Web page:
We have a very small brick conservancy tank on the property. Even with using minimal water and with only one toilet emptying into it, we have to have it cleaned out every two months or so. Kevin’s plan was to expand on the system and make it work to our benefit. We have gone to quite a lot of trouble with our septic tank installation and even though we must still complete some of the work, we are sure this will make a huge difference in the future.
In the city, sewerage runs to a central area for water cleaning and recycling. In the country, it’s not so simple as there are no nearby waste treatment plants. All the properties in our area have conservancy tanks and the municipality have to clean it out for us all when they get full. Obviously, this costs us money every time we have to have it done, so we would like to minimize this as much as possible.
To begin with, only one toilet emptied into the tank, but as our building progresses, we’ll have more toilets on site, all of which would empty into one very small tank. And then as we add showers and basins, the tank will fill even quicker. At the moment, we use almost all our waste water in the garden, except for that which goes down the toilet; and of course, we use as little water for this toilet as possible.
Long term plans for the Container House include grey water systems and this is our first system in place for water re-use. And if it works out as well as we hope, it might be the only one we require. We shall see.
To French Drain or Not to French Drain
One would think that the obvious solution would be to install a French drain. The conservancy tank could then be turned into a septic tank to start the decomposing of the waste. The water would then run through the French drain and be filtered by rocks, stones and sand, after which it would seep into the ground. We had two problems with this idea:
- We have a lot of clay in our soil so the filtered water can not go anywhere unless we were to dig down past the clay
- Our water table is too high and we don’t want this unclean water reaching the water table before it has been properly filtered
Our Solution – Septic Tank Installation
Kevin’s idea was to use the best of both worlds to suit our circumstances. We have installed a secondary tank to be used as a septic tank. The decomposing process will start in this tank. The solids will slowly be turned to liquid, which will eventually run into the old conservancy tank. After we have flushed it out a few times with water running in from the septic tank and (now) a shower, the water in the tank will be much cleaner than it has been from the start.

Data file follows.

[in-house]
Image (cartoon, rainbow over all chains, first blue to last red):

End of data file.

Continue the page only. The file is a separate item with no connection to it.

In time, we’ll buy a pump and a filter system. This water will then be clean enough to then be used to irrigate our garden. It takes a bit of getting your head around this. Many golf courses and botanical gardens use this system to irrigate their greens and plants. If you visit one of these places and see many signs up asking you not to drink the water, chances are, they’re using recycled waste water that has been treated in a similar manner to our system as described above.
The Hard Work For Our Septic Tank Installation
Kevin says that if you want to be a plumber, there’s only one thing you need to remember: Excrement flows downhill. It’s true. We spent hours leveling all the sewerage pipes.
Installing the septic tank and incorporating it into the existing system involved a lot of hard physical labour:
- We had to fit all the new plumbing pipes around The Container House
- Before we could begin digging the hole for the septic tank, we had to remove the caravan tent. The tent was very useful for storage
- We had to dig a huge hole to fit our relatively small new septic tank. To our advantage, this was completed in the full sunshine for most of the day. UV light was working with us to keep Covid-19 at bay.
- We then had to dig up all the existing pipes and connect them to the new system (a smelly job)
- Much time was spent ensuring that the pipes all ran downhill in the correct direction. We even had to re-level the original pipes
- All those trenches had to be filled and compacted. Leaving them all open for too long is dangerous
We decided to do all this work as the winter rain has softened the ground. The wet soil is much easier to dig. It would have been much more difficult in the heat of summer with our hard baked clay.
In time, Kevin is also considering expanding the original brick conservancy tank for additional decomposition and filtering. For now we’re seeing how the system works and how quickly it all fills up. Perhaps we won’t need to do anything further to our septic tank installation.